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nessiec's Blog on WriteWords

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On Michael Jackson
Posted on 29/06/2009 by  nessiec

There's been a lot of debate on here about whether or not Michael Jackson was guilty of molesting children and it's really shocked me how people are quick to attack the man based on what seems to be very little true proof or evidence. It seems a sad world where so many of us who purport to be intelligent, rational and considerate human beings, are so quick to point the finger, basing most of our accusations upon things we read in the newspapers. It's even sadder that so many people still do take everything reported in the tabloids as gospel. Make something a big screaming headline in the Mail and of course, it MUST be true. And yet by all accounts, MJ was to his closest friends was a gentle, loving, sensitive and even shy man who was a good father to his three children. Somebody wrote on the forums that in most cases it was advisable to take the word of the allegedly-abused child over and above that of the adult who was supposed to have abused them - well, yes, certainly, but in the moneyed world of Michael Jackson, how can anybody be sure that the accusers and their families weren't merely out to make as much money out of the Jacksons as they possibly could? The out-of-court settlement surely was no admission of guilt, but a desperate move by a weary Jackson to put an end to the media speculation so that he could attempt to pick up the pieces of his wrecked life. The saddest thing of all is that the abuse now doing the rounds of forums and websites over the world is carried out by US as we attack and speculate over this lonely man who ended his days with a doctor living in his house. No words of compassion for his family. No thoughts of how the death affects his friends or his true fans. No realisation that - hang on - the newspapers need to sell copies! No sensitivity to stand back for a moment and wonder how WE would feel if we'd been accused of abusing children and it wasn't true. Think about how that would make YOU feel. It would break you. It would depress you. It would stop you eating, sleeping or hoping. It would make you want to end your life. The treatment of Michael Jackson by the media both before and after his death was bound to be despicable. But the attitudes of people on the street are even worse.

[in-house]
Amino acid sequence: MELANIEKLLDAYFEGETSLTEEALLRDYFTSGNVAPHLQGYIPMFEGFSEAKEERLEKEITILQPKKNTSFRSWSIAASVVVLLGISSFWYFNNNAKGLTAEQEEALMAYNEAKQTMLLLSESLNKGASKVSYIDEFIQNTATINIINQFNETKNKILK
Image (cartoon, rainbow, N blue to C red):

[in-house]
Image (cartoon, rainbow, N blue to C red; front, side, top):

Noise, acid-reflux and a dream-like state - The Waterstone's Children's Book Prize, 18th February 2009
Posted on 21/02/2009 by  nessiec